JONI BALLIF, BOHO CHIC SKULLS
The great artist Georgia O’Keeffe never completed a trip in the New Mexico desert without collecting the skulls of animals – horse, mule, deer and steer – that had been bleached by the sun and forgotten. She used skulls to depict in her paintings, such as Summer Days (1936), showing an animal skull with flowers indigenous to the Southwest suspended above the desert landscape.
The animal skulls are not discarded relics but potent signifiers of the cycle of life, reminding us that deserts are as lively and vital in their barrenness as in any other flourishing, lush setting.
There is something just as instinctual in the artwork of Joni Ballif, of South Jordan, Utah (Booth 84), one of the 68 new artists in this year’s Artists Marketplace at the Utah Arts Festival. In a relatively short period, Ballif’s remarkable sculptures created from animal skulls have attracted such enthusiastic attention that she has launched her own artistic business with Boho Chic Skulls.
While Ballif always has tried her hands at arts and crafts, including painting and holiday items, she initially was stymied when her daughter decided to redecorate her room and she wanted to have an animal skull decorated to hang in her refurnished surroundings. “I mean we don’t even hunt,” Ballif says in an interview with The Utah Review, adding that the skull of a whitetail deer came from a family member who is a hunter. “She showed me an image from Pinterest and I commented that it was really pretty.”
Ballif told her daughter that if she didn’t want to carve it, she would do so. Thus, she taught herself how to carve. “I was completely hooked,” she recalls. Her daughter, who was going for a Bohemian flair in redecorating her room, loved it.
Hence, Ballif decided to go with Boho Chic as the name for her business, which took off rather quickly as people discovered her art on Facebook. “It’s humbling and mind blowing,” she says, “that people would want to buy something I’ve made and hang it on their wall.” Visitors at the Park Silly Sunday Market encouraged her to apply for the Utah Arts Festival.
Creating a skull sculpture is labor intensive. Ballif works only with skulls that are scrupulously clean and bleached thoroughly before she starts the intricate carvings and decoration with paint and stains. She ensures there is no remaining flesh on the bone and she places the skull in a cauldron to degrease and clean it. Sometimes, it takes three or four times before the skull is clean enough to be ready for decoration.
Many of her skulls come from area hunters including sheep, bison, beaver and raccoon. Her favorite so far was a donated skull of a Chinese water deer, “which looked like a dragon,” she says. A single sculpture can entail between 10 and 40 hours of work. As expected, Ballif has been working virtually nonstop to prepare for the festival.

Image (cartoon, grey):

Ballif echoes the sentiments that O’Keeffe expressed in her work. “It is a humbling experience because so many skulls are wasted in the desert or left as trash by hunters,” she explains. “These animals gave their lives for food and sustenance and I believe what better way to pay homage and respect to the animal than to give it a second life. It reminds me that we should not waste anything to erase its life and spirit.”
AMY FLYNN, FOBOTS
From Raleigh, North Carolina, Amy Flynn (Booth 148) creates FOBOTS (Found Object Robots) with upcycled parts of a vintage nature and then solders and bolts them together to create unique whimsical robots. Flynn gives each creation a name, number, date of birth and a heart – just like the Tin Man from The Wizard of Oz. Flynn answered a few questions from The Utah Review in a tone just as whimsical as her art.
TUR: How have you used art media forms in helping to create an holistic body of artistic work that searches for a more complete expression of your own innermost and most powerful states of emotion, inspiration, contemplation, and self-identity?
AF: You’re WAAAAAAY overthinking this. My goal is to make people happy. It’s as simple as that. My robots make everyone smile. And that makes me happy.
TUR: What is your training as an artist? Who do you consider your most significant influences and inspirations? Do these influences shift as you progress both in your work and life?
AF: My training is as an illustrator. I did that for 27 years, before the economy tanked. The robots are purely self-taught, and my only influences have been the cool parts I find.
TUR: Do you work full-time exclusively as an artist? Or, how do you augment your work as an artist?
AF: All art, all robots, all the time! I’d say full-time, but it’s really more like double-time.
TUR: Do you find it easy or difficult to start new work? And, typically, how do you prepare yourself to handle both the creative and physical demands of creating your art?
AF: A bit of both. When I find a great piece of junk to work with, I can barely wait to get into my workshop to play with it and see what it will become. But with new prototypes that are more complex, I’m usually terrified for days, until I can see if it will work out.
TUR: With regard to participating in the Utah Arts Festival, please share your feelings about being a part of this enterprise? Have you been in other festivals and do you plan to explore other festival venues?
AF: You know, I was supposed to do this show a few years ago, but my van broke down on the way. Let’s hope for better luck this time. As for other festivals, I’ve done around 130 since I started in 2009.